Technological Adaptation, Cities, and New Work
Review of Economics and Statistics, 93:2 (May 2011), 554-574.
Reprinted in The Economics of Agglomeration, W. Strange, ed., Edward Elgar Publishing (2019).
Working paper from July 2009. Replication data and data on new occupational classifications.
Precision, Bias, and Uncertainty for State Population Forecasts: An Exploratory Analysis of Time Series Models with Jeff Tayman and Stanley K. Smith
Population Research and Policy Review 26:3 (June 2007), 347-369.
Gentrification and Transit in Northwest Chicago
Journal of the Transportation Research Forum, in Transportation Quarterly, 56:4 (Fall 2002), 175-191.
Hathi Trust version.
Summary pieces, invited articles, and conference proceedings
Early Interstate Policy and Its Effects on Central Cities with Jeffrey Brinkman
Cityscape 22:2 (2020), 81-86.
Understanding Gentrification’s Causes: What do three centuries of Philadelphia history tell us about today’s changing neighborhoods?
Economic Insights 2:3 (2017), 9-17.
Media coverage by PlanPhilly.
What Have We Learned About the Causes of Recent Gentrification? with Jackelyn Hwang
Cityscape 18:3 (November 2016), 9-26.
Correction to Exhibit 2. Slides presented at the 2016 Research Symposium on Gentrification and Neighborhood Change. Media coverage by the Washington Post.
History and the Sizes of Cities with Hoyt Bleakley
American Economic Review, Papers & Proceedings, 105:5 (May 2015), 558-563.
Working paper from January 2015.
The Puzzling Persistence of Place
Business Review 2015 Q2: 1-8.
The Paper Trail of Knowledge Transfers
Business Review 2014 Q2: 1-6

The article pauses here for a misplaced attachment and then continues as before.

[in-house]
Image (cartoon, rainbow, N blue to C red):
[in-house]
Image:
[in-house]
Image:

Geography, History, Economies of Density, and the Location of Cities
Business Review 2012 Q3: 18-24.
Urban Productivity Advantages from Job Search and Matching
Business Review 2011 Q1: 9-16
Data and code
Data for "normalizing" historical census data to 2010 census tract boundaries, from "Natural Amenities, Neighborhood Dynamics, and Persistence in the Spatial Distribution of Income" (2018), Review of Economic Studies.
Data on new occupation titles and codes ("new work") in the Dictionary of Occupational Titles, 1964, 1977, 1991, and the US Census, 1980, 1990, and 2000. From "Technological Adaptation, Cities, and New Work" (2011), Review of Economics and Statistics 93 (2): 554-574.
Some collected advice
Masayuki Kudamatsu's tips for economists.
Don Davis on how to find the right topic.
Melissa Dell's GIS advice for economists.
Gentzkow and Shapiro on code and data practices.
Keith Head's Introduction "Formula" and more advice.
Mensh and Kording's ten simple rules for structuring papers.
Jesse Shapiro on how to give an applied micro talk and four steps to an applied micro paper.
Berk, Harvey and Hirschleifer on how to write an effective referee report.
Claus Wilke on how to prepare an article for resubmission.
Last updated July 23, 2020
Home URL: http://jlin.org/
The views expressed here are my own and do not necessarily represent the views of the Federal Reserve Bank of Philadelphia or the Federal Reserve System.